This version of the flipped classroom is perfect for junior high students, according to Mountain Brook Junior High Principal Donald Clayton. They’re allowed to move around and learn from failure, and it forces them to talk about their schoolwork.
Johnson starts class with a discussion about the video from the night before. Students from all over the room shouted out answers during the first class, noticed Jenny Firth, a middle school science teacher who was visiting from Vestavia. But in the second class, two boys dominated the conversation.
The second class had 13 special education students, according to Michel Godwin, a special education teacher who moves with her students throughout the day. She says special education students do really well in Johnson’s class because the videos are both visual and auditory, and because it allows them to rewatch the lessons over and over again.
The part that Johnson likes the best is that he has more time to ask students how they are doing. Because students spend most of the class working now, Johnson has the time to go around and check every student’s notes.
But the flipped classroom can take more time to prepare. In addition to class activities, now he has to create videos. Although he tries to keep the videos under seven minutes to hold students’ attention, they’re still labor intensive.
But it saves some time. Instead of having to catch up absent students, those students can watch the lesson from home and return without missing a beat. It also allows parents who want to help with homework to watch the videos.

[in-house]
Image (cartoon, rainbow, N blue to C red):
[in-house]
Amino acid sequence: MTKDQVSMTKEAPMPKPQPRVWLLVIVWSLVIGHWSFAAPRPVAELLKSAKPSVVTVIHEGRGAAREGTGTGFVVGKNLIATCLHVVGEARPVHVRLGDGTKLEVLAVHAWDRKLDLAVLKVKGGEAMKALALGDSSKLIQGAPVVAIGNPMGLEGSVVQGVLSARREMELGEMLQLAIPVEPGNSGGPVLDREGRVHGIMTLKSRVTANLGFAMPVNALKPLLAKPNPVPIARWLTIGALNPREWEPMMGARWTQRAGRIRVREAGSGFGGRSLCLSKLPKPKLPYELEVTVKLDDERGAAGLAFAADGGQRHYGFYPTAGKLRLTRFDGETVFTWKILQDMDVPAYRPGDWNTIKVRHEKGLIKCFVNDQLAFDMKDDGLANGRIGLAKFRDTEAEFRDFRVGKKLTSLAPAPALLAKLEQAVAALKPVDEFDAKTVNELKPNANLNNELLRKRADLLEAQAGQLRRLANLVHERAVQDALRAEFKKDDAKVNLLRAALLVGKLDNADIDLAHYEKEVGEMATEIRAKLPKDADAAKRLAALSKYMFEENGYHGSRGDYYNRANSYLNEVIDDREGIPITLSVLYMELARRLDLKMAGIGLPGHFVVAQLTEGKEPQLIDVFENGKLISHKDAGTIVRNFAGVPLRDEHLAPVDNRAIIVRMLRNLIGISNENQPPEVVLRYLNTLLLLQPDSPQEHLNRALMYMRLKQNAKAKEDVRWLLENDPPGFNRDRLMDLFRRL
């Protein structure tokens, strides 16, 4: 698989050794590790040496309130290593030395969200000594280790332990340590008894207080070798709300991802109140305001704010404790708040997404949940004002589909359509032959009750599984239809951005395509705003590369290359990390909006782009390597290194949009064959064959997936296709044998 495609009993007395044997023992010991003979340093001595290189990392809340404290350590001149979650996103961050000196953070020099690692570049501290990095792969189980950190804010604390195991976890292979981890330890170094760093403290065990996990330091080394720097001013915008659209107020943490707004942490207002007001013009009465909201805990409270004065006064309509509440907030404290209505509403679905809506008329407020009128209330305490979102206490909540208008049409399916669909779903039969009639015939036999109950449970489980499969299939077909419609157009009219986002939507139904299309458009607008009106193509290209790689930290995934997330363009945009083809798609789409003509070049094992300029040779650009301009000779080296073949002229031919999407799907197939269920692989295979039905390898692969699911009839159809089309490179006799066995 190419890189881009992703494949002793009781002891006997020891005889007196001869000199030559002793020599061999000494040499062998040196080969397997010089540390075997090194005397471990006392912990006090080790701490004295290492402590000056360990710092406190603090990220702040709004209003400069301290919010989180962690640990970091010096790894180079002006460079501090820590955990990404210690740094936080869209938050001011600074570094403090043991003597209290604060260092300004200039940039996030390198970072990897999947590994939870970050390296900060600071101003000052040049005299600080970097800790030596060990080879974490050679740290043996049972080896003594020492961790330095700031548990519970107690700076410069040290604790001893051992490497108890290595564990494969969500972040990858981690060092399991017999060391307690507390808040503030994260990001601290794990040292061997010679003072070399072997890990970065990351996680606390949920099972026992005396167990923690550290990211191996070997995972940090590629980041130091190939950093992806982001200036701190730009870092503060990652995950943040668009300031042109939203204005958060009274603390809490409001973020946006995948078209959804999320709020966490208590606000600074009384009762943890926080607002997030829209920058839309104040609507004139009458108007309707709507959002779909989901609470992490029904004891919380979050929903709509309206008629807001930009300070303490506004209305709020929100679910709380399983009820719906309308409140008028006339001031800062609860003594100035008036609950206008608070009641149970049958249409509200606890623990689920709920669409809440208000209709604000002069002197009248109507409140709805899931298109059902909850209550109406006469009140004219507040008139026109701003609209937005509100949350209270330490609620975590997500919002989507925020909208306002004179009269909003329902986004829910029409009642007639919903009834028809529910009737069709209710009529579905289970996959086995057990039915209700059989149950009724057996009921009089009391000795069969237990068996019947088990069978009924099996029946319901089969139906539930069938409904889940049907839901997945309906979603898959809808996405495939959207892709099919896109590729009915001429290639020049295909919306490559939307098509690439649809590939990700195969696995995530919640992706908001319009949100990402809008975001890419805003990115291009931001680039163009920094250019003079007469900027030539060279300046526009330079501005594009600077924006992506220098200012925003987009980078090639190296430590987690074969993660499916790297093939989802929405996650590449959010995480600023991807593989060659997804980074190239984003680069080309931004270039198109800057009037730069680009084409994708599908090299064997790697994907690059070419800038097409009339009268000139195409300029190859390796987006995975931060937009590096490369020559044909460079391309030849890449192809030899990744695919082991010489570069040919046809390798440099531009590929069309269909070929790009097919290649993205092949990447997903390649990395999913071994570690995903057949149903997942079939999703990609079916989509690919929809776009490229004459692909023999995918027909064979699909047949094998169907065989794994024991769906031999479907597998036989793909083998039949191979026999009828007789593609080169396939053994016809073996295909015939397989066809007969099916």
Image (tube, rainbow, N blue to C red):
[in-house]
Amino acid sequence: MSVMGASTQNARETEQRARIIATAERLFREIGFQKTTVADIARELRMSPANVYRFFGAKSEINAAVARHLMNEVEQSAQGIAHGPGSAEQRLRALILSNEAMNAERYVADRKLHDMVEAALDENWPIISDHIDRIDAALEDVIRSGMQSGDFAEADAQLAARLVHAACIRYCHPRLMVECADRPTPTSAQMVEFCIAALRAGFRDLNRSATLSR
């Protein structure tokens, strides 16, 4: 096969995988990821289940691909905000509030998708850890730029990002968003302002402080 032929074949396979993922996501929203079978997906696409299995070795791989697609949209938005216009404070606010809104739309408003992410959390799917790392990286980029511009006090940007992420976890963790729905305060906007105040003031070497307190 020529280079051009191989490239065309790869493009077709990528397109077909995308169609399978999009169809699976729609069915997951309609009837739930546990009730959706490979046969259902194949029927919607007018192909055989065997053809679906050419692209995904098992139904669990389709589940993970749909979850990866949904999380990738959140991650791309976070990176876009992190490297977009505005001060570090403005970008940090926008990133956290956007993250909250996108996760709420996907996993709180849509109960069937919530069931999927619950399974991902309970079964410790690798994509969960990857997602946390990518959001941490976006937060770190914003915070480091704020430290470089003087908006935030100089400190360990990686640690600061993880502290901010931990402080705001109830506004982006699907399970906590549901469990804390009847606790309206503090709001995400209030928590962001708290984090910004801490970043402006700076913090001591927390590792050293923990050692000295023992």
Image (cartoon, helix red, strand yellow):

A few of Johnson’s students said that they wish they could ask him questions during the videos. He encourages students to email him their questions, but not everyone does. All the students who spoke said that math was more fun this year than last.
Johnson’s flipped classroom wasn’t always a statewide model. When he first assigned videos five years ago, the students didn’t remember any of it. He figured out that he had to teach students how to watch the videos. Now he spends the first couple weeks of the year teaching students how to take notes and rewind when they miss something.
He also started running his open house with parents as if it were a flipped classroom. Getting the students and parents to understand the flipped classroom reduced parental complaints.
“When math was not a person’s favorite subject to begin with,” Johnson said, “and then you’re changing something that was already difficult for them and making it look extremely different, there’s quite a bit of anxiety that can come from it.”
This is a problem that has plagued Hope Prevallet, a middle school math teacher who was visiting from Vestavia. Some of Prevallet’s parents don’t understand why their children have to be in a flipped classroom, if they learn just as well the old-fashioned way.
Johnson’s students are doing better, he said, but with less than a full year’s worth of data to prove it, at this point, he’s just happy that it’s boosting their confidence.
Many of the educators who visited Johnson’s room wondered whether it could work at their schools. Taajah Witherspoon, a math coach in Mountain Brook, came because she wanted to see if it could work in elementary schools. Daniel Whit, the technology coordinator at Madison City Schools near Huntsville, visited Johnson’s class because he wanted to learn how to adapt flipped classrooms to the middle school level.
For all of the reservations the visiting teachers had, one question loomed large. “Is it that the flipped classroom is awesome?” Whit asked. “Or is it that Mr. Johnson is awesome?”